This morning came the news that the National Association of REALTORS hired two soon-to-be-former agents to fill the positions of Director of Digital Engagement and Director of Social Business Practice. The first position is old, though in its several years of existence I haven’t quite figured out what great strides were made because of it, and the second position is brand new.
Here I sit, a dues paying NAR member whose wife works so we can have health benefits because NAR still can’t come up with a decent group plan solution for some of us pre-existing condition types, watching my dues being paid out in salary to two positions I can’t define and can’t see the point of when before there only was one.
For the record … this has absolutely nothing to do with the individuals hired. One I don’t know, the other I quite frankly adore and have for ages. What this does have to do with is watching NAR spend my money in rather odd ways. (And I’m not even going to go near the whole REALTOR party fiasco.)
The past few days, as the furor arose over a recent college graduate’s assertion that Social Media managers should be under 25 – a position that makes perfect sense from where she stands, if not from where the rest of us already are – I found myself thinking that rather than pursue a Social Media manager position, maybe she ought to be looking for some real work. (And stay off my lawn, dammit!)
I know a lot of Social Media managers and have for some time. I can’t always get my arms around what they do for a living. Which isn’t a concern of mine at all – unless I happen to be the person footing the bill, as I am in the case of NAR.
Surely, if someone as relatively plugged in as I am can’t tell you within 30 seconds what NAR’s Social Media person did, there are better ways to be spending my dues.
Of course I sound bitter and disappointed. But it’s not necessarily for the reasons you may think.
I continue to sell real estate because I happen to believe in the industry. I happen to believe we play a valuable role in helping buyers and sellers get to where they want to be. And I also happen to believe that the best way to effect change in the industry is to be that so-called agent of change. And that happens down here in the trenches where the real work is done, not in NAR’s theoretically gilded tower in Chicago.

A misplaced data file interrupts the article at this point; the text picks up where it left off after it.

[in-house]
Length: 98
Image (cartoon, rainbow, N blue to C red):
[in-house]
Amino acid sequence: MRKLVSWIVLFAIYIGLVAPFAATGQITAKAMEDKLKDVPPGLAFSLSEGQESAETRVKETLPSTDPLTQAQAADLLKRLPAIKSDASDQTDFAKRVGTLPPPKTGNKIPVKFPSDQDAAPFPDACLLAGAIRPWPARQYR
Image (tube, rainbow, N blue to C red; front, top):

Once upon a time, I attended the first REBarCamp in San Francisco. Among the attendees were some of the brightest lights and most forward thinkers in the online real estate space. And one by one, I’ve watched those lights depart the real real estate world for positions tangential to the industry. Some are now working for companies who pretend to want to partner with us, all the while diverting traffic that otherwise would come to our sights; some now are working from NAR; a couple passed away far too soon and others just fizzled out along the way as the real estate market convulsed wildly over the past four years.
I’m certain every single one of them has taken their new positions believing they are going to make a difference in the industry, that they are going to help us poor schleps “raise the bar” or whatever annoying buzzword happens to be in vogue at the time.
Thus far, the mass contribution to the industry has been zilch. Maybe it will be different this time around. I kinda hope so, especially since I’m paying for it.